AUSTRAC Expands Scope of Star Money Laundering Probe

AUSTRAC, Australia's financial crimes regulator, is extending its probe into the lax anti-money laundering policies at Star Entertainment.

The Australian Transaction Reports and Analysis Centre (AUSTRAC) is Australia’s financial crime regulator. AUSTRAC launched a probe into Star Entertainment’s affairs in June 2021. It is looking for evidence of money laundering in addition to Star’s potential shortcomings in its anti-money laundering processes.

Shares in The Star fell almost three percent in 48 hours following the AUSTRAC announcement it is expanding its probe. Star informed shareholders about the move.

“The Star Entertainment Group Limited refers to its ASX announcement on June 7, 2021, in relation to being notified of AUSTRAC’s enforcement investigation of The Star Sydney.

“The Star has subsequently been advised by AUSTRAC that it has expanded the scope of its investigation to other entities within The Star group.”

“AUSTRAC has advised that it has not made a decision regarding the appropriate regulatory response that it may apply to The Star, including whether or not enforcement action will be taken. AUSTRAC has advised that it will request information and documents from The Star as part of its investigation.”

“The Star takes its anti-money laundering obligations very seriously and will fully cooperate with AUSTRAC in relation to its request for information and documents and the investigation.”

AUSTRAC Investigation Unofficially Rules Out Star’s Crown Resorts Bid

AUSTRAC’s now more thorough investigation into Star means a bid from the casino operator for Crown Resorts is highly unlikely.

Star launched a casino merger bid in May, offering 2.68 shares per Crown share. This valued Crown stock at $14 per share. A deal would have created a $12 billion gambling behemoth, with Crown valued at $8.4 billion.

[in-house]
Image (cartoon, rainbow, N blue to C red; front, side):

Star pulled out of the deal in late July rather than going ahead, citing allegations of Crown’s tax evasion. Ironically, Star was not happy with reports of Crown’s lax money-laundering controls.

The recent revised offer from Blackstone Group for Crown Resorts will draw more potential suitors out of the woodwork. Blackstone increased its non-binding offer from $12.50 per share to $13.10 per share. The bid values Crown Resorts at $8.87 billion.

Crown’s board and one of its major shareholders approve of the deal in principle. Perpetual holds a 9.2% stake in the controversial casino giant, making it the third-largest shareholder. It is in favour of the deal if no other bids come in.

James Packer has a 37% stake in Crown and a sale benefits him financially. Packer’s holding is worth $3.3 billion. A Blackstone takeover increases that net worth to $7.83 billion.

What Sparked the Investigation?

A report in Australia’s press sparked the AUSTRAC probe into The Star. Nine’s The Age and Sydney Morning Herald published an article in October. Doing so resulted in Star’s share price plummeting almost 31% in only five days.

“Between 2014 and 2021, Star cultivated high-roller gamblers who are allegedly associated with criminal or foreign-influence operations, according to multiple casino and law-enforcement sources with knowledge of the company’s operations, including Star insiders.”

The newspaper got its hands on paperwork from a KPMG audit in 2018. It found Star disguised hundreds of millions of dollars of withdrawals as hotel expenses. They used special credit and debit cards for the deed. Crown did something similar and the royal commission chastised them.

In addition, files show Mende Trajkoski spent $175 million on Star’s pokies from 2007 and 2021. Trajkoski did this despite not having a job for most of those 14 years. He withdrew $18 million over the past six years. However, police arrested Trajkoski in connection with the importation of three tons of cocaine. Then and only then did his gambling stop.

What Is Money Laundering?

Law enforcement uses money laundering as the term for the “cleaning” of elicit funds. Many illegal activities use cash as payments. Criminals find it difficult to deposit large sums of cash into bank accounts because banks question its origins.

Those criminals often use casinos to clean or launder their ill-gotten gains. They change money for chips or pump money into pokies, withdraw, and get a casino receipt for the money. This make it look like that got lucky, and gives them a reason for being cash-rich.